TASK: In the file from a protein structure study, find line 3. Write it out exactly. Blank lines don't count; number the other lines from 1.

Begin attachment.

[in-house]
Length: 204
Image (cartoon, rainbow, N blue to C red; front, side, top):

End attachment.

Image (cartoon, rainbow, N blue to C red; front, side, top):